Over the years the UK government and the European Union have implemented food labelling schemes to help consumers make informed decisions about what they eat.

Providing nutritional information on food packaging aims to make consumers stop and think before they cook their meal or eat their snack.

But has this approach been successful?

Below is a timeline of important dates related to food labelling in the UK.

1991

A report by the Committee on Medical Aspects of Food and Nutrition Policy (COMA) provided Dietary Reference Values (DRVs) for energy, protein, fats, sugars, starches, non-polysaccharides (NPS), 13 vitamins and 15 minerals.

Four criteria were taken into account in order to create the DRVs. They included:

  • Estimated Average Requirements
  • Reference Nutrient Intakes
  • Lower Reference Nutrient Intakes
  • and Safe Intake.

1996

The UK Ministry of Agriculture Fisheries and Food (MAFF) now known as the Food Standards Agency (FSA) initially set up Daily Guideline Intakes, eventually renamed as GDA (Guideline Daily Amount). At this time they were only set for fat, saturated fat, sodium, sugar and fibre in grams per day for men and women.

1998

This year saw the development of a set of GDAs for use specifically on food labels. Calories, fat and saturated fat were included for both men and women. This work was carried out as a collaboration between the UK government, consumer organisations and the food industry and was overseen by the Institute of Grocery Distribution (IGD).

The resulting information saw many major retailers labelling the backs of their packs with GDAs but few food manufacturers implemented them.

2004

Choosing Health, a government white paper, established obesity as a key area requiring immediate attention in order to improve the overall health of the British population.

The need for clear and consumer friendly food labelling information was established as an action.

2005

A consistent back-of-pack scheme was rolled out, providing information for adult males and females as well as children in four age groups.

A study carried out by IGD found that two thirds of individuals surveyed had seen the term GDA in use on food packaging and correctly understood its meaning.

This was also the year where Tesco looked into displaying nutritional GDA information on the front of packs.

2006

A European set of GDAs was introduced by the Confederation of the Food and Drink Industries (now FoodDrinkEurope). A study found that 87 percent of respondents found the proposed manufacturer's labelling format to be ‘clear and simple’.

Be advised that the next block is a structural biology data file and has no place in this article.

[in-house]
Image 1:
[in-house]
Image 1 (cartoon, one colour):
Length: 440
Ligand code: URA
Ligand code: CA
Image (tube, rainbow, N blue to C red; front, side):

The Food and Drink Federation (FDF) implemented a campaign to help food manufacturers produce consistent front of pack GDAs. 

2007

The white paper on the Strategy for Europe on Nutrition, Overweight and Obesity-related health issues was published. This further highlighting the need for consumers to have easy access to ‘clear, consistent and evidence-based information’.

The number of food companies using GDA information on their labels doubles and awareness of GDAs amongst consumers rose to 80 percent*. 

2008

Research carried out by the FDF showed a steady increase in consumer use of GDAs. They also found that consumers were increasingly turning to GDAs to make decisions about which food items to buy when comparing products and brands.

2011

The European Food Information Regulation (EU Regulation 1169/2011 on the provision of food information to consumers) was applied.

This required nutrients to be listed in the following order:

  • energy (in kilojoules and also kilocalories)
  • fat (grams)
  • saturates (grams)
  • carbohydrates (grams)
  • sugars (grams)
  • protein (grams)
  • salt (grams). It was no longer permitted for salt to be referred to as ‘sodium’.

Most food companies chose to provide this information in a table format on the back or side of the food packet. The information provided was to be given per 100g/ml but companies were given the option of also including portion or consumption information or a percentage RI.

Any nutritional claims were required to be backed by information provided on the package. The inclusion of nutritional declarations in the law meant that consumers could trust the health claims made by food manufacturers.

Companies were given three years to comply to the new standards.

2014

The new EU legislation came into force. The term GDA was replaced by RI (Reference Intake). There was only one set of RIs for men and women and the new scheme did not offer information for children.

What difference has it made?

The fight against obesity is an ongoing and multifaceted one. Food labelling alone will not stop the spiralling obesity statistics. Those who are wanting to lose weight or maintain a healthy lifestyle are encouraged to pay attention to food labels and be aware about what they include in their diet.

The impact caused by food labelling schemes does show some positive results regarding awareness and general use. However, obesity levels in the UK are still increasing, with over 60 percent of adults now classed as overweight or obese. The wealth of information being offered to consumers does not always lead them to necessarily make healthier choices.

Those who are struggling to lose weight on their own may be able to get helpful advice and treatment from their doctor.